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Biometals. 2012 Feb;25(1):237-45. doi: 10.1007/s10534-011-9492-8. Epub 2011 Sep 8.

Enhanced iron availability by protein glycation may explain higher infection rates in diabetics.

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Department of Chemistry, Pomona College, 645 North College Avenue, Claremont, CA 91711, USA.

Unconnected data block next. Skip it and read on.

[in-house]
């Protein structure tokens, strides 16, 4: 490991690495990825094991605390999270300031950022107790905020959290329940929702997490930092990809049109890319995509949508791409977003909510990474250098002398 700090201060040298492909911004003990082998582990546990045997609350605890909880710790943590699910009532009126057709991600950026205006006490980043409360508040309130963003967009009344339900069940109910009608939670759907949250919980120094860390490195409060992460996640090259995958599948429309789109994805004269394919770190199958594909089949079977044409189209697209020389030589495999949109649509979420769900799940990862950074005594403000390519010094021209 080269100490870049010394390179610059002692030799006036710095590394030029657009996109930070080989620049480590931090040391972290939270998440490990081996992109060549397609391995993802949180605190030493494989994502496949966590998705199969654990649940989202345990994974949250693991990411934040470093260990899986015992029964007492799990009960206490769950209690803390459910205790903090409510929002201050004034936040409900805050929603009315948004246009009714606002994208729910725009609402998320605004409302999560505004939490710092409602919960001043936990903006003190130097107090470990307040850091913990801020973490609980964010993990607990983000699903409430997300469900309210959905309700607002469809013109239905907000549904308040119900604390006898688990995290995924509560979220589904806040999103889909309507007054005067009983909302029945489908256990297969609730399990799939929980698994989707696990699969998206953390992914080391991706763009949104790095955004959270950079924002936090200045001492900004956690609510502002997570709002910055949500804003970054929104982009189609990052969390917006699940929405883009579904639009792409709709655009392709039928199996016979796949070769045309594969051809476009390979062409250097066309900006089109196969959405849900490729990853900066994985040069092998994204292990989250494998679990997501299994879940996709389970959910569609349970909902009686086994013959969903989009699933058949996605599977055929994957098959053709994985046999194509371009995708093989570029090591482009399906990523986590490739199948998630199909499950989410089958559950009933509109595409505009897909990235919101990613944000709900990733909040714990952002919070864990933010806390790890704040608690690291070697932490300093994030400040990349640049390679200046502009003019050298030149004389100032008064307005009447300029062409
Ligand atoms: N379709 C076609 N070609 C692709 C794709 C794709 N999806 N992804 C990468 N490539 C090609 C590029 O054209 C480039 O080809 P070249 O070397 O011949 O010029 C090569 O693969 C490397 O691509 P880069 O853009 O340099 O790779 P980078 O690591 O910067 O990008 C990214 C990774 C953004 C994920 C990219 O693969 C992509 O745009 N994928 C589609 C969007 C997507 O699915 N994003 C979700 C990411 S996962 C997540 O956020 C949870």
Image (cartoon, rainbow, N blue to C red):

Serum proteins exist in a state of higher glycation among individuals with poor glycemic control, notably diabetics. These non-enzymatic modifications via the Maillard reaction have far reaching effects on metabolism and regulation, and may be responsible for increased infection rates within this population. Here we explore the effects of glycation on iron metabolism and innate immunity by investigating the interaction between siderophores and bovine serum albumin (BSA). Using a quartz crystal microbalance with dissipation monitoring to quantify association rates, glycated BSA exhibited a significantly reduced affinity for apo and holo enterobactin compared to a non-glycated BSA standard. Bacterial growth assays in the presence of BSA and under iron-limited conditions indicated the growth rate of enterobactin-producing E. coli increased significantly when the BSA was in a glycated form. The results, in addition to data in the literature, support the hypothesis that glycation of serum proteins may effectively increase the available free iron pool for bacteria in blood serum and weaken our innate immunity. This phenomenon may be partially responsible for higher infection rates in some diabetics, especially those with poor glycemic control.

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